Why then, Mr. Dowden, should have asked, is this most fertile region inhabited by a perennially starving, famine-haunted population? The answer is as straight as it is terrifying. What nobody seems to know is that southern Somalia is an occupied territory -occupied in precolonial times by the predatory pastoral clans of Dir, Daarood and Hawiye who rapaciously preyed on the pacific peasant population of Bantu, Oromo, and Raxanwayn, etc. Then the Italians followed on their footsteps to conquer and occupy the Bantu and Raxanwayn, pastoralists, too, for good measure, and then conscripted the lot as slave laborers to work on their vast banana plantations. Then the successor national state that was born in 1960 from the merger of former British and Italian Somalilands, dominated by pastoralists, and therefore unsympathetic to this region, continued apace the oppression of the local population. Then Gen. M. Siyaad Barre’s totalitarian military regime took oppression of the region to new heights, then in the wake of Barre regime’s collapse in January, 1991, and the disintegration of Somalia into civil anarchy, the hordes of the late and unlamented Gen. M. F. Aydiid moved in, ravishing and raping the region. And now al-Shabaab Islamist thugs equally addicted to slicing off limbs of supposed refractors and gang-raping, first, 13-year-old lasses, then accusing them of adultery and publicly stoning to death these defenseless children in the market place.
If Mr. Dowden drew attention to the dramatic contrast between the arid unyielding but thriving autonomous, self-governing north and northeastern regions on the one hand and the fertile but starving occupied south, his argument calling for a Somalia of loosely connected self-governing entities would have been untouchable!
Finally, I gained a number of valuable insights from the two critical responses. What I miss in them is the kind of concrete proposals that Mr. Dowden puts forward. It is one thing to attack another’s ideas, another to put something tangible on the table! Perhaps it should be made a law that nobody without concrete submissions should enter this site!
Further, for the record there was, to my knowledge, no centralized state system in precolonial Somalia. The nearest thing to an organized state system in precolonial Somalia were the little eastern coastal sultanate of the Majeerteen Boqor, or Sultan ‘Ismaan Mahamuud and his enterprising usurpist nephew Yusuf Ali Keenadiid, who occupied the Hawiye lands around the southeastern coastal town of Hobyo(Obbia) and oppressed the natives there. (Incidentally, both of these statelets’ economies prospered mightily on plundering traffic on the shipping lanes of the Indian Ocean. Some things , apparently, never change. And in the west the tiny kinglet of the Ujuuraan led by the noble clan of the Gareen in the upper reaches of the Shabelle, or the River of Leopards, which was certainly no empire. (If anyone is in a mood to look into the Ujujuuraan further, they might start consulting a book coathored by David Laitin and myself, entitled Somalia: a Nation in Search of a State, Pp. 15-17.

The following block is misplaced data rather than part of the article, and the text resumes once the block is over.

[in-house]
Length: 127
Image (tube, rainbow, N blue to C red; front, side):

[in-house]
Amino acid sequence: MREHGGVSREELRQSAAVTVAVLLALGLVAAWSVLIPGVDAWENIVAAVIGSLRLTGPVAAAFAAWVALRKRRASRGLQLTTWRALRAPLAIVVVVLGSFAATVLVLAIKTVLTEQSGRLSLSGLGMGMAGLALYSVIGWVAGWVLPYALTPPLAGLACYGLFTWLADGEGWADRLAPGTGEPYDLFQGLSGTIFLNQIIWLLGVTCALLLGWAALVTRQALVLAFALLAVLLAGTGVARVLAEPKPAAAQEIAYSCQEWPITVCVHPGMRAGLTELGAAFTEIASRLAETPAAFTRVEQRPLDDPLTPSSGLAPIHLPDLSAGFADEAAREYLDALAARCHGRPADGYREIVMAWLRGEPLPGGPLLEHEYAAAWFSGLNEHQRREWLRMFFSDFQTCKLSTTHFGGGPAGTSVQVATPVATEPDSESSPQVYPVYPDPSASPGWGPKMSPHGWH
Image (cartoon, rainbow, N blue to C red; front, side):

Coda: I loathe to take sides in debates but this time around my love of justice gets the better of me: The use of the word “cliché” in description of Dowden’s entry strikes me oddly. Cliché, as I understand it, is a word, phrase or concept that has lost its original power of validity through overuse or indiscriminate repetition. If so, it doesn’t apply to Dowden’s piece. If anything, his commends itself for its iconoclastic freshness.
Said Samatar teaches in the history department of Rutgers University